“You can’t use up creativity. The more you use, the more you have.” –Maya Angelou
It has been such a privilege to serve the Hope Street community since April of 2020. Back then, we were all just at the beginning of this unprecedented time that has disrupted so many of our regular routines, choices, and ways that we spend our days. I am grateful to have been invited into an organization seeking to support people and to promote positive change during this time.
The creator of Psychodrama, Jacob Moreno, believed that spontaneity and creativity are key to growth and change. Spontaneity, Moreno describes, is the spark or catalyst that spurs us into action, and creativity is the substance or idea that we enact. When we are warmed up to our own spontaneity and creativity, we are able to adequately respond to new or unexpected situations that come our way, and we can respond in new and effective ways to familiar, repeated interactions and situations (Moreno, 1993).
In my role as a psychodramatist and music therapist at Hope Street, I meet individuals and groups from a place of compassionate support, with a firm belief in each person’s innate spontaneity and creativity. For many who come to Hope Street, those resources of spontaneity and creativity have been difficult to access or have been immobilized by forces such as past trauma, addiction, anxiety, depression, negative self-concept, or inadequate support, among others.
Within the fertile soil of compassion and acceptance, safety, and patience, clients at Hope Street are able to begin to grow seeds of courage and hope. In a collaborative therapeutic environment, individuals and groups have the opportunity to practice new ways of thinking, being, and responding within challenging life circumstances and relationships. Clients are given the needed space, freedom, and support to identify and move toward new goals and possibilities that may have previously seemed out of reach.
As human beings, change is rarely easy or comfortable. We often cling to doing things the way we have always done them, even if that is not working well. A necessary and important part of change is sitting with the uncomfortable and sometimes painful feelings and experiences that we carry. When given a supported, safe space in which to reflect, it is possible to feel the anger, fear, and grief that have been buried, to transform shame into self-compassion and acceptance. When able to connect with and embrace all of who we are, it becomes more possible to let go of those ways of being that have outgrown their usefulness and that block healing and growth. It becomes possible to hold oneself with love, to access the inexhaustible supply of spontaneity and creativity that are within each one of us, and to make choices and take action in healthy ways.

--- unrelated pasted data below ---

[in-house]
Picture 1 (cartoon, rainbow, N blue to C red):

I have found music to be an important resource in the process of growth and healing. Like emotion, music has an ebb and flow that moves and shifts through time. Through listening to songs, singing or playing music, or writing original songs or poetry, clients at Hope Street experience the power of music to hold and support, to release tension, to express their truth, to help them feel less alone, and to find a new rhythm.
Within psychodrama groups, clients step into role-playing as an opportunity to explore past, present, or future interactions. Clients are invited, through writing or action to connect with resources, to practice new thoughts and behaviors, and to step into challenging interactions with the support of the therapist and the group. Different than regular life, in psychodrama, the interaction can be slowed down, paused, or repeated. There is an opportunity to shift perspective through reversing roles with others or with different parts of the self, there is the possibility to include a supportive resource in the drama that was not available in life at a moment when it was desperately needed. Through the engaging process of psychodrama, clients have the opportunity to release what they have been holding on to and to make room for new beliefs, emotions, actions, and connection.
I am grateful to work alongside so many creative and talented therapists, coaches, and administrative staff at Hope Street. Each brings a unique perspective and set of skills to support the process of growth and change. Together we accompany the clients who come to Hope Street on an important part of their healing journey.
Wishing you a hopeful start to this New Year – let your spontaneity and creativity be your guide for living in healthy and fulfilling ways.
Peace and light,
Amy Clarkson, MMT, LCAT, MT-BC, TEP
Music Therapist and Psychodramatist
Hope Street and Chrysalis Way
Moreno, J. L. (1993). Who Shall Survive? Foundations of Sociometry, Group
Psychotherapy and Sociodrama, student edition. American Society of Group
Psychotherapy and Psychodrama.